What your nails are saying about your health
Did you know the appearance of your nails can be signaling greater health issues like liver and kidney disease, anemia, lung and heart conditions, diabetes and even cancer? While most fingernail and toenail problems are minor, others may betray more serious conditions.
According to the American Academy of Dermatology (AAD) nails often reflect our general state of health. Nail problems make up about 10 percent of all dermatological conditions. Melanoma, a dangerous form of skin cancer, is one of the more serious skin problems that can be associated with nails, according to the AAD.
“Although rare, melanoma can grow underneath the nail,” says Dr. Sandra McGowan, a family medicine physician with Advocate Medical Group and on staff at Advocate South Suburban Hospital in Hazel Crest, Ill. “The cancerous melanoma can appear as a dark streak in the nail, and if the dark streak does not improve or it continues to increase overtime, a biopsy of the nail should be done.”
Dr. McGowan says that discolored nails can also indicate infection, but when this discoloration is coupled with symptoms such as feeling tired, frequent urination and extreme thirst it could be a sign of diabetes. Diabetes can cause the nail to discolor, turning it yellow, she says.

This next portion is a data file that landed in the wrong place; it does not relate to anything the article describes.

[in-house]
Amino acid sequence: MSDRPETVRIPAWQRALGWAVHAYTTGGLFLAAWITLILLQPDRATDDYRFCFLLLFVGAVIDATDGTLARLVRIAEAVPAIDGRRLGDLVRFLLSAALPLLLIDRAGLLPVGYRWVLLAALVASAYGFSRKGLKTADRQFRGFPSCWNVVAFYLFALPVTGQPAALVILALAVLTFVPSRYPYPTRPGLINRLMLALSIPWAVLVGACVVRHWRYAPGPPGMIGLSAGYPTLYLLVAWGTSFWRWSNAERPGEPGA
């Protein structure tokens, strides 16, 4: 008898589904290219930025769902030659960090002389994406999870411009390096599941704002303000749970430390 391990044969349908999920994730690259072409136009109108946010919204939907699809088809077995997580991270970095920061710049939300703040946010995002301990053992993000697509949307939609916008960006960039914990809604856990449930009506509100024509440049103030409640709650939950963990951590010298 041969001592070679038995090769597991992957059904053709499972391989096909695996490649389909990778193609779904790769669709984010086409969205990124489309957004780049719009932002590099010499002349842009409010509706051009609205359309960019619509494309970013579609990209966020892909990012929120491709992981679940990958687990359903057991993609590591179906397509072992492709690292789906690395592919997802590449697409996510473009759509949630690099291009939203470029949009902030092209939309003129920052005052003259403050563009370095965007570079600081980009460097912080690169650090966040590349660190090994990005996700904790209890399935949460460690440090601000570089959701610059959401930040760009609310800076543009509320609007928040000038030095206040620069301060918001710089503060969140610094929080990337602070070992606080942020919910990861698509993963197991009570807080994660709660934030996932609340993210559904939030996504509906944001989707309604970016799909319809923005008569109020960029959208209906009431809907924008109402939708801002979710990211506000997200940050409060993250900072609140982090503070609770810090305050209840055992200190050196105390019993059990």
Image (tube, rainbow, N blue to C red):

She also says to notice if your nails turn white.
“Nails that turn completely white can be a sign of liver disease,” Dr. McGowan adds. “This can indicate a low red blood cell count that is consistent with anemia, which can cause fatigue, shortness of breath and chest pain.
If the skin underneath your nail is red, it can be an indicator of heart disease, she says. The coloring can represent issues with blood flow and circulation.
“Nail issues tend to be more prevalent as we age,” Dr. McGowan says. “However it is important to monitor nail changes no matter what age you are. Know how your healthy nails should appear and the difference between normal and abnormal for you.”
Dr. McGowan stresses the importance of noting changes overtime such as nail color, shape and texture. She says to report your concerns to a physician, especially if they are accompanied by other changes in your health.
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health enews staff is a group of experienced writers from our Advocate Health Care and Aurora Health Care sites, which also includes freelance or intern writers.